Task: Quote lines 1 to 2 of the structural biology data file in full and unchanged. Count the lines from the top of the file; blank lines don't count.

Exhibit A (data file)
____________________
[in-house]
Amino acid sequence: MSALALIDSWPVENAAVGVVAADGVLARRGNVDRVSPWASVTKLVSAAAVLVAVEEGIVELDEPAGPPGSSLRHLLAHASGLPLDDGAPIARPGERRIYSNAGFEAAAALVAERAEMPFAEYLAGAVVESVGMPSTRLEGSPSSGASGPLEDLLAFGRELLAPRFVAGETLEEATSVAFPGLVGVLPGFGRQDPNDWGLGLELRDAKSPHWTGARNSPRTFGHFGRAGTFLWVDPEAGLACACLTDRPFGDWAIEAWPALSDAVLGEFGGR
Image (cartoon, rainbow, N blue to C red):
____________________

[in-house]
Amino acid sequence: MSALALIDSWPVENAAVGVVAADGVLARRGNVDRVSPWASVTKLVSAAAVLVAVEEGIVELDEPAGPPGSSLRHLLAHASGLPLDDGAPIARPGERRIYSNAGFEAAAALVAERAEMPFAEYLAGAVVESVGMPSTRLEGSPSSGASGPLEDLLAFGRELLAPRFVAGETLEEATSVAFPGLVGVLPGFGRQDPNDWGLGLELRDAKSPHWTGARNSPRTFGHFGRAGTFLWVDPEAGLACACLTDRPFGDWAIEAWPALSDAVLGEFGGR